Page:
Ecosystem and Paleohydrological Response to Quaternary Climate Change in the Bonneville Basin, Utah
Scientific Drilling Project by DOSECC Core Drilling Services
Deborah P. Balch, Andrew S. Cohen and J. Warren Beck University of Arizona
Douglas W. Schnurrenberger University of Minnesota (currently at DOSECC)
Brian J. Haskell, Hai Cheng and R. Lawrence Edwards University of Minnesota
Blas L. Valero Garces Pyrenean Institute of Ecology
We report the results of a detailed paleoecological study of the Bonneville basin covering the last ~280,000 yr. Our study used fossil ostracodes and a sedimentological record obtained from the August 2000 GLAD800 drilling operation at Great Salt Lake. We analyzed 125 samples, taken at ~1 m intervals from Site 4 (GSL00-4), for ostracodes and other paleoecologic and sedimentologic indicators of environmental change. Multivariate analyses applied to the ostracode data and qualitative analyses of fossil and sedimentological data indicate an alternation between three major environments at the core site over the cored interval: (1) shallow saline or hypersaline lakes; (2) salt or freshwater marshes; and (3) occasional deep freshwater lakes. These environmental changes are consistent with shoreline studies of regional lake level fluctuations, but provide considerable new detail on both the timing and environmental conditions associated with the various lake phases. Our age model (using 14C, U-Series, tephra and biostratigraphic chronologies) allowed us to associate the core’s record of regional paleohydrology with the marine oxygen isotope stages of global climate change. The core contains continuous records for the last four glacial/interglacial sequences. Salt/freshwater marshes were common during the interglacials and deep freshwater conditions correspond with maximum global ice volume in OIS 2, and before a maximum in global ice during OIS 6. Immediately following deep lake phases, crashes in lake level from rapid desiccation resulted in the deposition of thick evaporite units. Our study suggests that the climate of the Great Salt Lake catchment appears to have been drier during OIS 6 than during OIS 2.We compare our record of environmental change during OIS 6 glaciation with other records from western United States and find that the overall pattern of climate was similar throughout the West, but differences in the timing of climate change (i.e. when a region became drier or moister) are common.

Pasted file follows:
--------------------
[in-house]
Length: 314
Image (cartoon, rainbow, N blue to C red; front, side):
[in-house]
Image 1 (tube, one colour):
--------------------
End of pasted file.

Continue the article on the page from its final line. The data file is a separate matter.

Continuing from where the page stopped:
Figure 1 – GLAD800 drilling barge on the Great Salt Lake
In the late 1990s, the International Continental Drilling Program (ICDP) provided funds for DOSECC (the US nonprofit research consortium for continental scientific drilling) to develop a dedicated lake drilling system, designated the GLAD800 system. The intent of this grant was to jump start scientific drilling in lakes around the world with an inexpensive and modular system that would be easily transported between sites, and would be broadly accessible to the scientific community. This system, including a barge platform, drill rig and coring tool kit, was first tested with NSF support at the Great Salt Lake and Bear Lake in August 2000. The mandate from NSF was that all engineering tests of the GLAD-800 system be coupled to significant scientific questions, so that the testing would also yield scientific benefits. The long history of scientific (and specifically paleoclimate) research on the Great Salt Lake, coupled with DOSECC’s location in Salt Lake City, made the Great Salt Lake and Bear Lake natural targets for this testing.
Figure 2 – Drilling locations